The Pipestone National Monument in Pipestone Minnesota is sacred ground for all Native American Peoples because it is one of the few places in North America where malleable pipestone is found. This weekend it was also the site of the Annual Pipestone Pow Wow, organized by the Keepers of the Sacred Tradition of Pipemakers.
Pow Wow organizer Rona Johnston says the Pow Wow has been going on at this site for 14 years, but the tradition goes on for centuries. She’s not sure how many different tribes participate every year, but says they come from all over the North American, including Canada.
“We don’t really ask people what their tribal affiliation is,” explained Johnston. “We just know from their stories that they share who they are and where they come from. We’ve had people from the First Nations, Lakota, Dakota, Ojibwa, Cheyenne, Cherokee, just about everyone from everywhere.”
Bud Johnston, Rona’s husband, explained that story telling is one of the ways the culture is kept alive and the Pow Wow is a way to bring people together to tell those stories.
“Pipestone is a crossroads,” he said. “Many people come here for the pipestone for their pipes and they barter and trade, and they tell their stories. They’ve found pipestone from here in every corner of the continent and they’ve found other valuable trade items here, like North Carolina flint. This place is a major trade hub.”
Native Americans of all ages danced in bright costumes and people of the audience were invited to dance along and participate. Veterans were asked to place flags from every military service of the United States and ringed the circle where the dances took place. An elder blessed the field before the dance to purify it.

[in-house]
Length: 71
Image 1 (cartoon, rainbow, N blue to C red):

“The Pow is a great way to get people together to expose them to the culture,” Rona said. “People come here to see what the art is like, the dance, the different types of beadwork, things like that. Traditions that have been carried on probably for thousands of years.”
It wasn’t all seriousness and tradition. The atmosphere was celebratory and fun. Audience members took time to dance with the dancers, including a traditional “potato dance” where partners balanced a potato between their foreheads. The last couple to retain their potato without dropping it won a prize.
Pow Wow’s and native dances are not the only ways to preserve tradition. At the Pipestone National Monument, Park Rangers and cultural interpreters work to share Native American history and Culture. The monument’s 75th Anniversary is coming up August 25th.
Pam Tellinghuisen is a pipestone carver and cultural demonstrator at the monument. She teaches pipestone carving and gives demonstrations to curious tourists who visit the site.
“I teach the art of pipestone carving,” she said. “I learned it from my mom, my mom learned it from her mom, so I’m actually a fourth generation pipestone carver. For me it’s a family tradition.”
Pipestone is used in sacred items used in ceremonies, especially the traditional pipestone pipe with it’s distinctive reddish brown stone. Only certified Native Americans can quarry the stone after they’ve submitted the proper permits, Tellinghuisen said. Right now there is a five-year waiting list to get a quarry, and those who are successful in getting a quarry are required to quarry at least twice a year.
While no non-native can quarry the rock, items made from the stone are available for sale at the bookstore, as well as books, music and other items. The Monument’s Interpretive Center has a bookshop, a museum and a theater, and visitors can walk around the grounds on designated paths to see the pipestone quarries for themselves.